> Day in Jewish History

Cheshvan 12

December 9, 2009 | by

In 1975, the United Nations passed a resolution declaring that "Zionism is racism." Israel's Ambassador to the UN, Chaim Herzog, noted the irony of the vote coming (on the English calendar) exactly 37 years after Kristallnacht. The UN Secretary General at the time was Kurt Waldheim, later accused of war crimes while serving as a Nazi officer. The "Zionism is racism" canard is easily refuted by Israel's open and democratic character -- with Arabs serving in parliament, as well as Israelis of all skin colors. Upon the airlift of Ethiopian Jews to Israel, William Safire noted: "For the first time in history, thousands of black people are being brought to a country -- not in chains but in dignity, not as slaves but as citizens." The UN General Assembly voted to repeal the resolution in 1991.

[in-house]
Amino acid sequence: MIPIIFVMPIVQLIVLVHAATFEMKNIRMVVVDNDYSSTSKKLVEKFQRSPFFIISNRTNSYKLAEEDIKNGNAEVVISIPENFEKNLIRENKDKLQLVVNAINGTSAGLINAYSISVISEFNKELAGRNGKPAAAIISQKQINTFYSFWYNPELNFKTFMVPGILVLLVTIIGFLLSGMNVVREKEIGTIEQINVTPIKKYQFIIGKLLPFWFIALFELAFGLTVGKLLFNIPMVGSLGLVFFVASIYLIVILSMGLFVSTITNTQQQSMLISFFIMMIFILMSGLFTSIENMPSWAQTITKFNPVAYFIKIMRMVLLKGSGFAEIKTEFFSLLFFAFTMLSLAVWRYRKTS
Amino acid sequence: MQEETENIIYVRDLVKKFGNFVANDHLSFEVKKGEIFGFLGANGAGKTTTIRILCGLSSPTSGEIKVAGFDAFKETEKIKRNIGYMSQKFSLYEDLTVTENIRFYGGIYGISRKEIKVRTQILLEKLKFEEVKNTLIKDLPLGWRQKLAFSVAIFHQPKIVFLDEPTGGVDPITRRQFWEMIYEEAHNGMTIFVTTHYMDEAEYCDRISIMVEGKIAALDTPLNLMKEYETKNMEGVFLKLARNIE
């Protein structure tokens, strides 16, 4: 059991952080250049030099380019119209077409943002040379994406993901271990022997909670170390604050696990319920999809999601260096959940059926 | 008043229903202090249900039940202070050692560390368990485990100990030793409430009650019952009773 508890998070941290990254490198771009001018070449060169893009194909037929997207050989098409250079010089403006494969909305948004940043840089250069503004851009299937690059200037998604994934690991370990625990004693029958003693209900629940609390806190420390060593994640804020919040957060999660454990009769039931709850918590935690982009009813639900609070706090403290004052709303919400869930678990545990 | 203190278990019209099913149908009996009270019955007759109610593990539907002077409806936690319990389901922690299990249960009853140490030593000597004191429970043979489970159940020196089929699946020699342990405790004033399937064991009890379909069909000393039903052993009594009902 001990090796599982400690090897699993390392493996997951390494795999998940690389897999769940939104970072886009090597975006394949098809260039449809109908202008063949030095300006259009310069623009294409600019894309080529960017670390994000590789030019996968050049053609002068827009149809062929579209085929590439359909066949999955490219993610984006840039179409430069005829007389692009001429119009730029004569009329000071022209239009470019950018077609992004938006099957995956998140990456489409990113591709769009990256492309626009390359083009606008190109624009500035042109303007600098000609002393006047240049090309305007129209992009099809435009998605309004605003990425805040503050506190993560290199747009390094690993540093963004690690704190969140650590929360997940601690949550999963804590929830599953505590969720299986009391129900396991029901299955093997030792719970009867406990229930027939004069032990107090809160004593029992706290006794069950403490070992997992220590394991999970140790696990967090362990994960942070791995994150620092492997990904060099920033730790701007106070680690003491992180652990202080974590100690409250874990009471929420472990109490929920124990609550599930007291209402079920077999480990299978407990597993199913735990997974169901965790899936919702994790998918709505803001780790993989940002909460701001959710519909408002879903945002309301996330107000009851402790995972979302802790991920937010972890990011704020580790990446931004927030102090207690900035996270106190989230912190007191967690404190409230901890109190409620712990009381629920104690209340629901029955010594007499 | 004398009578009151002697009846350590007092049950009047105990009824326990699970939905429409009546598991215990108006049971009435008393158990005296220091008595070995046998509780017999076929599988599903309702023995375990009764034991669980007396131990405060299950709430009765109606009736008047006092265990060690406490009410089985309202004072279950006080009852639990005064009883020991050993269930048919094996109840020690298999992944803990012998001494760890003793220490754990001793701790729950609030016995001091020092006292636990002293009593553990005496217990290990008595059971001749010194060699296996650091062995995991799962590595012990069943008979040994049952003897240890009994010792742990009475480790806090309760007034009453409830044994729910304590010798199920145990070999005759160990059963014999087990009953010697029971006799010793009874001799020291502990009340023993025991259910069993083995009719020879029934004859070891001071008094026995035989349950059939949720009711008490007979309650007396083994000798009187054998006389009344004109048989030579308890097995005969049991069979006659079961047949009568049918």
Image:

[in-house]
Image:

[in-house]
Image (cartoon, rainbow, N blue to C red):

Cheshvan 12 is also the yahrtzeit of Yitzhak Rabin, prime minister of Israel, who was assassinated in 1995 after attending a rally promoting the Oslo peace process. Rabin served as Chief of Staff of the Israel Defense Forces, and under his command the IDF achieved an overwhelming victory in the Six Day War. As prime minister, he played a leading role in the signing of the Oslo Accords, which created the Palestinian Authority. Rabin was awarded the 1994 Nobel Peace Prize, along with Shimon Peres and Yassir Arafat.



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